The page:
@Non-anonymous Forgot to mention another thing part of that $150 went to: a band Kickstarter-ing their first album.
I spent about $150 on music this year, maybe a bit more. Most of that was for paid downloads from iTunes/Amazon, and downloaded tracks for Rock Band. (Those count! The artists get a cut! Yes, I'm a nerd.) I only went to a single live show this year, and it was a cheap one. Whereas ten or twelve years ago, despite a much smaller income, I probably spent over $1000 a year on CDs (half new, half used), concerts, band t-shirts, etc. But the root cause here isn't so much the decline of the music industry as it is me getting old.
I haven't bothered to get around the paywall and read the WSJ article. But they do acknowledge that the older people with current savings rates of 3 or 6 or 13% might have had lower rates when they were in their 20s, right? Right? (Also, a quibble: members of Gen X can now be 49 or older, depending on the exact start date you use.)
@Katni @eatmoredumplings I'm a diehard East Coaster and I couldn't live in NYC either. For one thing it's simply too expensive. For another, there are so many things to do there that I'd probably develop a fatal case of fear of missing out. No, the right way to do the northeast is to live in a smaller city or town but keep a couple of friends in NYC who will let you crash with them when you feel like visiting.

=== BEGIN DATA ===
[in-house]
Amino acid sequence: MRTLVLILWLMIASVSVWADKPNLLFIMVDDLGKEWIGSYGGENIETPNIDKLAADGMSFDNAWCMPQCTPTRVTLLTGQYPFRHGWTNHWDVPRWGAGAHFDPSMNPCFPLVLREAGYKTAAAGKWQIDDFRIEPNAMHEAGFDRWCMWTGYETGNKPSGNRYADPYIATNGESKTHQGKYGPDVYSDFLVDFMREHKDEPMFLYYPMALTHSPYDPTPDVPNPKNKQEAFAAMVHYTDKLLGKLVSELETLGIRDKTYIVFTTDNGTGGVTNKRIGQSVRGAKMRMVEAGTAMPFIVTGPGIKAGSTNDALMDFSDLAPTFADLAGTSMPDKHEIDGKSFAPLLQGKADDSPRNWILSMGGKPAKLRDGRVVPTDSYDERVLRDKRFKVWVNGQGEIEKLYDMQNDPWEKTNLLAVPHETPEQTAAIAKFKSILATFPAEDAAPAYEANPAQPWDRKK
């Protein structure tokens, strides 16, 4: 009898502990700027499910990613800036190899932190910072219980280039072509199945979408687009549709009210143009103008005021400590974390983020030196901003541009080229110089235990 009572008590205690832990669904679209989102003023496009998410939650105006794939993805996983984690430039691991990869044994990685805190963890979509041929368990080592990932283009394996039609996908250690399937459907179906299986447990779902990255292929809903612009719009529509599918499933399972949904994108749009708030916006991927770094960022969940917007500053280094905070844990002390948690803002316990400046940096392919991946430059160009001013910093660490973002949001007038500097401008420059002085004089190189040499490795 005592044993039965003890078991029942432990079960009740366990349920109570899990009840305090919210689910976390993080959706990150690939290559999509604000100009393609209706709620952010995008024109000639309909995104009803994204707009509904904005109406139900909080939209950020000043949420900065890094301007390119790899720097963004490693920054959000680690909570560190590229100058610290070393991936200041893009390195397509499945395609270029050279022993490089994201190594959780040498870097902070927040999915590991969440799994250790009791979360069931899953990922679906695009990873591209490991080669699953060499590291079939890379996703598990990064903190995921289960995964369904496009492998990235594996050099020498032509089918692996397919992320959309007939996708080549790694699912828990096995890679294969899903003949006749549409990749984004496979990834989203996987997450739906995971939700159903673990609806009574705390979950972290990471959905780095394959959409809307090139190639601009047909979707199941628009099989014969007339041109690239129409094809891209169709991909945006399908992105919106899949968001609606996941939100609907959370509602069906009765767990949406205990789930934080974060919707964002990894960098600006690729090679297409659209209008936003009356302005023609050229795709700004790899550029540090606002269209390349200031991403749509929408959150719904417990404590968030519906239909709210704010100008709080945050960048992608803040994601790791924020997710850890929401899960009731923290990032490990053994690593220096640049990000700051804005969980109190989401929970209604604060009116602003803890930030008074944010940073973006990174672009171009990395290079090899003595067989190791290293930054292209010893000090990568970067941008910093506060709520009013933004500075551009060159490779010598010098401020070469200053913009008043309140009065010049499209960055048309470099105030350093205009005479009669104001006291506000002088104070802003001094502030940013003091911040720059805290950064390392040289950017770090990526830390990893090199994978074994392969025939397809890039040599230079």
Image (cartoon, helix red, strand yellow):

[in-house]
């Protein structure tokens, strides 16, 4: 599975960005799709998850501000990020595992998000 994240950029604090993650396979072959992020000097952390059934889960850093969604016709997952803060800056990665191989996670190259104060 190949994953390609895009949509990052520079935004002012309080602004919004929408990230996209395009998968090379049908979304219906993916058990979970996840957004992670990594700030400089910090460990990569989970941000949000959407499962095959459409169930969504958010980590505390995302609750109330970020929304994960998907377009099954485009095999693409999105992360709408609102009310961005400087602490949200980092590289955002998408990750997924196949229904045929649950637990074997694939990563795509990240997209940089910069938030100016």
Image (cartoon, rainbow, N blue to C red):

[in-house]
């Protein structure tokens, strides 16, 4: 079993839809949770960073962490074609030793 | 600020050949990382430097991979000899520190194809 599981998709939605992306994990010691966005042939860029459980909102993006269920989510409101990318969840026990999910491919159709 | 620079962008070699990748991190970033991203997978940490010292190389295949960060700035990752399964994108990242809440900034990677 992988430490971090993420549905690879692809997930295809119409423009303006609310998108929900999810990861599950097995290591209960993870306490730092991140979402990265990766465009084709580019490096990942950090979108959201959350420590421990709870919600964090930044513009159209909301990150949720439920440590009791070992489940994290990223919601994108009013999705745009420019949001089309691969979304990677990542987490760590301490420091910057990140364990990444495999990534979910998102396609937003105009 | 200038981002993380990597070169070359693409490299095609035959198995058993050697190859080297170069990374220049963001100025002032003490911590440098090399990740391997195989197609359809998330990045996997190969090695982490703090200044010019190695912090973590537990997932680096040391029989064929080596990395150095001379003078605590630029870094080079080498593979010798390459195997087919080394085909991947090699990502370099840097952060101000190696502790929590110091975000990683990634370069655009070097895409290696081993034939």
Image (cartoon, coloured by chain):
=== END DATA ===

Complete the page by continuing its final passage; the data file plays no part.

This sounds like a good example of economic thinking gone wrong. "The drink you want is marked up more than the drink you don't want, so it makes more sense to buy the drink you don't want."
Connecticut does have Mystic Seaport, if you're into that sort of thing, which I am. In a bar (in Providence RI) a couple of years ago, I overheard one rich-looking guy telling another "I live in Old Lyme but I work in Old Saybrook," which I found utterly hilarious. Stereotypes come to life!
I'll be the killjoy who points out that this is definitely not the FIRST bookless library. They even have a Wikipedia page about them: http://en.wikipedia.org/wiki/Bookless_library
On Amtrak Hacks
@Allison Maybe not always … but a lot.
Does anyone reading this use Credit Karma? They keep asking me to "connect" my accounts. Would this involve giving them my card numbers or passwords? Is it safe? And would it improve the accuracy of the credit scores they give me, or have any advantage other than letting me use Credit Karma as yet another spending tracker?
On Amtrak Hacks
I ride Amtrak along the NE Corridor once every 1-3 months. My National Association of Rail Passengers membership paid for itself and saved me at least a hundred bucks last year, even though the discount doesn't apply to some trains. Plus: it's fun to say. NARP!